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Millbrae, the baseball town
May 12, 2014, 05:00 AM By Darold Fredricks

Photo courtesy of the Millbrae Historical Society
Gus Suhr settled in Millbrae after his baseball career.

Millbrae became known as the “baseball town” in the 1920s, ’30s and ’40s. It all started when retired baseball player for the Chicago Cubs, Bill Lange, moved to Millbrae in the 1910s. Lange had been born in San Francisco and, after retiring from baseball, returned to the Bay Area. After building a vacation home in the hills on Spring Valley Lake Road (Millbrae Avenue) he became active in civic affairs. Known throughout the Bay and San Francisco, his wit and charm was put to good use and he was able to “borrow” eight acres of San Francisco Water Department land, without title or lease, to build a baseball diamond. The name “Lange’s Field” was what it became known as.

George Kelly, a nephew of Bill Lange, moved to Millbrae and bought 18 acres of land to the south of Lange (Kelly Lane) in western Millbrae where he built a large magnificent home. The acreage he purchased was perfect for the barbecues he liked to put on for large gatherings. A horse corral was also built for the kids. Kelly, a Baseball Hall of Fame member (1973), had played for the New York Giants in the 1920s when they won four consecutive pennants. He was elected to the Millbrae City Council in 1948 and was active in securing additional funding for the recreation programs. His wife, Helen O’Connor, became well known for her participation in civic affairs as well as becoming prominent in the social circles.

In addition to Lange and Kelly, former baseball players Gus Suhr (Pittsburgh Pirates) and Tony Lazzzeri (New York Yankees) settled in Millbrae and started businesses. Suhr was a National League player for 13 years and earned the nickname “Ironman of the National League.” Suhr and his wife, Helen, moved to Millbrae and raised their children here. He owned a liquor store on El Camino Real. Lazzeri attained the moniker “Poosh ‘em up” for the 60 home runs he hit in one season while in the minor leagues. Later, he played for the New York Yankees. Lazzeri owned and operated a number of apartment buildings at Victoria Avenue and El Camino Real.

Millbrae was constantly welcoming members of the baseball world, such as Joe DiMaggio who had played for the New York Yankees and knew the “Millbrae gang” of baseball players. DiMaggio was a frequent visitor to Millbrae and loved Leonardo’s Deli. More recent “stars” of baseball in Millbrae include: Gregg Jeffries and Keith Hernandez.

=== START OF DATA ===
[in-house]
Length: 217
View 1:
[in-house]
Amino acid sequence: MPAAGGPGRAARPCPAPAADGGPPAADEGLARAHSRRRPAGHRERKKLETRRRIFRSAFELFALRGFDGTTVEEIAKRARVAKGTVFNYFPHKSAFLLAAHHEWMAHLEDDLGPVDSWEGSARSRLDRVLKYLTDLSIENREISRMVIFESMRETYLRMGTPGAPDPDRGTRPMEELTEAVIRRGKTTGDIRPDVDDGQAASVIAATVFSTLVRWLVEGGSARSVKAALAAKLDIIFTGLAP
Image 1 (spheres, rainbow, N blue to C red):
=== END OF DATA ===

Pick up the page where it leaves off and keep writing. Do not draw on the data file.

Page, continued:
The unincorporated community of Millbrae was growing rapidly in the mid-1930s. The 1889 platted Millbrae Villa Addition along Chadbourne Avenue was not paved yet but it was promised by the county that in 1936 the streets would be paved and there was talk of a new elementary school to be built on Taylor Avenue. The 500 homes that dotted the area were filled with young families with many young children that needed outlets for their excess energy. Service clubs, individuals and the community had been donating money and equipment to keep “Langes Field” going. In 1936, Russell Patterson, the chairman of the recreation committee, obtained approval for a governmental W. P. A. (Works Progress Administration) project to improve the area for the children of the community. Adobe bricks were made by volunteers from soil on the water department property and a small, one-room “adobe” clubhouse was erected by volunteers. Don D’Ambrosio was appointed the recreation superintendent to run programs for the kids. D’Ambrosio was to remain recreation superintendent until retirement in 1991.

In the 1950s, the San Francisco Water Department sold land to the city of Millbrae. The land was to be used for a civic center (firehouse, police station, library and city hall) and recreation facilities. The firehouse that had been on Broadway was now to be built on Magnolia Avenue.

The clubhouse proved successful due to the community spirit that developed by the community of more than 300 people. It was used for 33 years but was bulldozed down in 1970. The city asked the voters of Millbrae to approve a $385,000 bond in 1969, to be used for financing of a new recreation facility. The bond failed to get the two-thirds vote, however, the city was able to work out financing without issuing revenue bonds making way for a new, modern recreational facility.

Rediscovering the Peninsula by Darold Fredricks appears in the Monday edition of the Daily Journal.

 

 

Tags: millbrae, baseball, lange,


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